The shifting seas are a vast ocean that shares some of the properties of a transitive plane. It is studded with many islands, travel within the islands is normal so long as you are within sight of your destination, but once you're traveling out of sight of an island only the skilled or extremely lucky will have an uneventful and quick trip; this danger is only aggravated by the all-to-frequent appearance of strange mists and storms that can boil out of nowhere to occasionally threaten even the most stable of routes.
The seas themselves seem to shift over time, islands that are in sight of each other may form communities for a time, but only a rare handful of these configurations seem permanent. Many last for years or decades before slowly shifting out of sight; though a few disappear suddenly in typhoons of intense arcane power. Nothing can be completely certain in the shifting seas.
If they travel far enough beneath the seas the extraordinarily brave, or foolhardy, can enter "the depths". All of the shifting seas seem to connect to the depths in one way or another, if you can travel deep enough. Sunken ruins from ancient powerful civilizations, sunken ships full of treasures from a prior age and sleeping monsters of such size that they would blot the sun should they awaken and rise to the surface all lay beneath the depths.
With travel so uncertain and treacherous only hearty souls travel far; but there are always brave souls who seek to challenge the seas and find their destiny.
Features of the shifting seas Edit
Smaller, (faster?), ones might as well. I'm thinking rocky icebergs going from backyard to mountain size that (randomly?) wander the seaways, hazard for navigation, home to small fishing/raiding/scholarly comunities, strange keeps, lone hermits and/or fantastic creatures.
If we're talking movement, then eventually, inevitably we're talking about *collissions*. Most of them would be slanting, grinding, earthquaky affairs (though head-on jams/mountain building, followed eventually by mountain *parting*, could occur). We could posit a chain of islands that are always chaotically churning around each other, parting and closing, passing through each other, grinding themselves away into smaller and smaller chunks. Navigating between would be chancy at best, jumping from one to the next a game for the brave. The entire chain might itself be on a long elliptical orbit around the main islands, coming back for a visit say every 50 years or so : think comet, think earthquakes, think rocks in a pinball machine! The Grindstones often occasionally attract nihilistic entropy-worshiping cults.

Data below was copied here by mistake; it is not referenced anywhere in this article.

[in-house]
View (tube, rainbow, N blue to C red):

Remarkable effects are sometimes noted in the Shifting Seas; one of the most common is the spontaneous formation of a shifting mire.
The seas themselves seem to harden and gels, forming zones of jelly sea, sometimes hard enough to walk on (if somewhat slushy and highly wobbly). Most of it though is floating, muddy, clinging to anything that approaches and pulling it down t a watery doom. I see some of it floating below the surface (channels), some of it just above or below, home to sometimes expansive vegetation : voila! a floating swamp, a sargasso sea navigable only with shallow-going boats (canoes, etc) or by somehow clearing the stuff from in front of your ship. You can have sea-going free-floating varieties or anchored to a shallow bottom varieties, perhaps forming a crown around a central island, atoll-like. An ideal environment for aboleth and their slime magic, kua-toa, sahuagin, etc. Under-water chambers/pods/bubbles and/or passages are of course the norm.
A note from a map makerEdit
On the wall of the Hanged Man is a hand-drawn map behind a glass frame. Below the map is a letter in the same hand:
"Dear Mayor Brunt,
As you requested, here is our most recent map of the seas and coasts of the islands near Daunton. I caution you against relying on it too heavily, since, as you know, distances and even landmarks are subject to change when the fog rolls in. Still, with some caution, this map should be useful for many years yet.
You will note that very little is known of the interior of the larger islands, particularly Argonel and Kestoriel. The Feywild is strongest there, and direction and distance are easily confused. The few maps we have made of the region have been found to be physically impossible when examined back in Bacarte. They are full of tricks and illusions, like the picture in your office of the stairway that always ascends, circling back on its own base without ever going down. The mountains, and to some extent the larger rivers, can be seen from a great distance and so we are confident enough of their location, though more so on Argonel than Serenal. Perhaps the Imperials in Nova Renata might have better information.
No other islands have recently drifted within sight of our vessels. We will continue to inform you if that situation changes.
I remain your respectful colleague,
Senior Merchant of the Free Merchants of Bacarte"
from covaithe's post